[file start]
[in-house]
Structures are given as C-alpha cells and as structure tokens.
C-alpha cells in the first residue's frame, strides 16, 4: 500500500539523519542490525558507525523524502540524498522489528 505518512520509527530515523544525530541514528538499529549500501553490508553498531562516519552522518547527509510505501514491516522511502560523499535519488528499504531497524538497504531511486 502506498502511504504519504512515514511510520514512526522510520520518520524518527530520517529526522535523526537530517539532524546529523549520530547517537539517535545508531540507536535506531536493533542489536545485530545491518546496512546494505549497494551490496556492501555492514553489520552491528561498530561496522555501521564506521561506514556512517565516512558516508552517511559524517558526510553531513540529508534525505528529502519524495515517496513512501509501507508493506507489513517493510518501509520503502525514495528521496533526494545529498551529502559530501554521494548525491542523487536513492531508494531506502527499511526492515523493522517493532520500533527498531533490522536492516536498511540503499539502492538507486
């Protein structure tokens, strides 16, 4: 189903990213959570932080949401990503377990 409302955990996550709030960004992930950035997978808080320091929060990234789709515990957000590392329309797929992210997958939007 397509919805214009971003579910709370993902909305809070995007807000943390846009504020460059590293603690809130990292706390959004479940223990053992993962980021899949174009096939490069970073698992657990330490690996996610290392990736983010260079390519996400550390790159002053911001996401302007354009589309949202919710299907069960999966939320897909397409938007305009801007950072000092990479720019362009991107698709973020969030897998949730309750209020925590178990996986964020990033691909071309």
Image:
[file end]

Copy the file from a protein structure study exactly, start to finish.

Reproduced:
[in-house]
Structures are given as C-alpha cells and as structure tokens.
C-alpha cells in the first residue's frame, strides 16, 4: 500500500539523519542490525558507525523524502540524498522489528 505518512520509527530515523544525530541514528538499529549500501553490508553498531562516519552522518547527509510505501514491516522511502560523499535519488528499504531497524538497504531511486 502506498502511504504519504512515514511510520514512526522510520520518520524518527530520517529526522535523526537530517539532524546529523549520530547517537539517535545508531540507536535506531536493533542489536545485530545491518546496512546494505549497494551490496556492501555492514553489520552491528561498530561496522555501521564506521561506514556512517565516512558516508552517511559524517558526510553531513540529508534525505528529502519524495515517496513512501509501507508493506507489513517493510518501509520503502525514495528521496533526494545529498551529502559530501554521494548525491542523487536513492531508494531506502527499511526492515523493522517493532520500533527498531533490522536492516536498511540503499539502492538507486
């Protein structure tokens, strides 16, 4: 189903990213959570932080949401990503377990 409302955990996550709030960004992930950035997978808080320091929060990234789709515990957000590392329309797929992210997958939007 397509919805214009971003579910709370993902909305809070995007807000943390846009504020460059590293603690809130990292706390959004479940223990053992993962980021899949174009096939490069970073698992657990330490690996996610290392990736983010260079390519996400550390790159002053911001996401302007354009589309949202919710299907069960999966939320897909397409938007305009801007950072000092990479720019362009991107698709973020969030897998949730309750209020925590178990996986964020990033691909071309």
Image: